Indonesian carrier TransNusa (8B, Jakarta Soekarno-Hatta) will launch its first international route in mid-April. It will begin Jakarta Soekarno-Hatta - Kuala Lumpur International flights on April 14, to be followed by a roll-out of scheduled services between Jakarta and other Malaysian airports, including Johor Bahru.

The airline will use its three A320-200s and single A320-200N on the sector and operate the round-trip Jakarta-Kuala Lumpur flights 2x daily. TransNusa group chief Bernard Francis told local media that the service would help meet strong passenger demand on the route. Traffic on the Indonesia-Malaysia country pair leans heavily towards Indonesian nationals who travel to Malaysia for business, tourism, and education reasons.

According to ch-aviation capacities data, seven scheduled passenger carriers already service the route. With the biggest market share is Malaysia Airlines (23.4%), followed by Batik Air Malaysia (21.98%), Indonesia AirAsia (19.48%), AirAsia (12.98%), Batik Air (11.69%), Garuda Indonesia (5.84%), and Citilink (4.64%). In total, the airlines offer almost 39,000 seats a week on the city pair.

TransNusa has secured the necessary approvals for the Kuala Lumpur flights from both Indonesian and Malaysian authorities, Bernard said, and over five days from March 17 it had sold 800 tickets on the route. He added: "For now, we will stick to KLIA. But because everybody is interested in Kuala Lumpur Subang, we will try to fulfil the demand and have our flights depart from Subang by the end of the year. We are already discussing an opportunity to fly to Johor Bahru from Jakarta. I've met with Sabah Tourism and Sarawak Tourism to explore opportunities. It's a greenfield market, not many direct flights."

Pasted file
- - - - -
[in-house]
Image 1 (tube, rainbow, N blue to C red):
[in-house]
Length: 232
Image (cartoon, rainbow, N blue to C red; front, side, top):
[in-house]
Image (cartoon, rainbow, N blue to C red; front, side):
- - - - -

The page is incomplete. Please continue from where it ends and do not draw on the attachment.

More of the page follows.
According to reports, the Johor Bahru flights have been green-lighted by Malaysian authorities but are awaiting final approval from their Indonesian counterparts.

In addition to the four Airbus narrowbodies currently in the fleet, TransNusa also operates a single ARJ21-700. Bernard did not rule out using the Chinese-manufactured aircraft on routes into Malaysia in the future if demand warrants it. He also said he expected to build up the Airbus fleet to six aircraft and the COMAC fleet to three by the end of the year.